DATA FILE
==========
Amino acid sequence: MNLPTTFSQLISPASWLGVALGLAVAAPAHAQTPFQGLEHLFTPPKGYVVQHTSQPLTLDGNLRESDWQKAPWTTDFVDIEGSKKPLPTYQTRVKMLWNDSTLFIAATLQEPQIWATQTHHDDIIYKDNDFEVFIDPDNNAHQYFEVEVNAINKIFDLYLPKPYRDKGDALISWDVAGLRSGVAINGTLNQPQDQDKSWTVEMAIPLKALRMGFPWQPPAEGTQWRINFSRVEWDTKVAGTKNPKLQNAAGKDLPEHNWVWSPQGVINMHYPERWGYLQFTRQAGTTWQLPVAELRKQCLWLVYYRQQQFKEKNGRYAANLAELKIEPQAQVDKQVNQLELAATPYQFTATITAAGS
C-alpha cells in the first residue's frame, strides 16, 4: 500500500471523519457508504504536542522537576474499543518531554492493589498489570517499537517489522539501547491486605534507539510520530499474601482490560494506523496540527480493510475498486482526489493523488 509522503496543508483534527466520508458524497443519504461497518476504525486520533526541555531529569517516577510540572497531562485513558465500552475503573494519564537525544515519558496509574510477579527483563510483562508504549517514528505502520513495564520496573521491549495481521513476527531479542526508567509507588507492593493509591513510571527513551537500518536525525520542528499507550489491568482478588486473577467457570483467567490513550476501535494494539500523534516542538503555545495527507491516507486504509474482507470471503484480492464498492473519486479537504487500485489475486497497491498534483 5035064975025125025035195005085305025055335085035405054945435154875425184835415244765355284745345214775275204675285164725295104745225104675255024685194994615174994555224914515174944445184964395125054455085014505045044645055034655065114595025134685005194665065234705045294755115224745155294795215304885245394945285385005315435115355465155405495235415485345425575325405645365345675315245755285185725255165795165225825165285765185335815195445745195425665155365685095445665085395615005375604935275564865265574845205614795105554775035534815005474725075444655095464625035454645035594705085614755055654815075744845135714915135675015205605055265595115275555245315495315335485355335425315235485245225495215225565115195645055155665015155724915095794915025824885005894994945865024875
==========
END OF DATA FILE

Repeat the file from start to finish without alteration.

Amino acid sequence: MNLPTTFSQLISPASWLGVALGLAVAAPAHAQTPFQGLEHLFTPPKGYVVQHTSQPLTLDGNLRESDWQKAPWTTDFVDIEGSKKPLPTYQTRVKMLWNDSTLFIAATLQEPQIWATQTHHDDIIYKDNDFEVFIDPDNNAHQYFEVEVNAINKIFDLYLPKPYRDKGDALISWDVAGLRSGVAINGTLNQPQDQDKSWTVEMAIPLKALRMGFPWQPPAEGTQWRINFSRVEWDTKVAGTKNPKLQNAAGKDLPEHNWVWSPQGVINMHYPERWGYLQFTRQAGTTWQLPVAELRKQCLWLVYYRQQQFKEKNGRYAANLAELKIEPQAQVDKQVNQLELAATPYQFTATITAAGS
C-alpha cells in the first residue's frame, strides 16, 4: 500500500471523519457508504504536542522537576474499543518531554492493589498489570517499537517489522539501547491486605534507539510520530499474601482490560494506523496540527480493510475498486482526489493523488 509522503496543508483534527466520508458524497443519504461497518476504525486520533526541555531529569517516577510540572497531562485513558465500552475503573494519564537525544515519558496509574510477579527483563510483562508504549517514528505502520513495564520496573521491549495481521513476527531479542526508567509507588507492593493509591513510571527513551537500518536525525520542528499507550489491568482478588486473577467457570483467567490513550476501535494494539500523534516542538503555545495527507491516507486504509474482507470471503484480492464498492473519486479537504487500485489475486497497491498534483 5035064975025125025035195005085305025055335085035405054945435154875425184835415244765355284745345214775275204675285164725295104745225104675255024685194994615174994555224914515174944445184964395125054455085014505045044645055034655065114595025134685005194665065234705045294755115224745155294795215304885245394945285385005315435115355465155405495235415485345425575325405645365345675315245755285185725255165795165225825165285765185335815195445745195425665155365685095445665085395615005375604935275564865265574845205614795105554775035534815005474725075444655095464625035454645035594705085614755055654815075744845135714915135675015205605055265595115275555245315495315335485355335425315235485245225495215225565115195645055155665015155724915095794915025824885005894994945865024875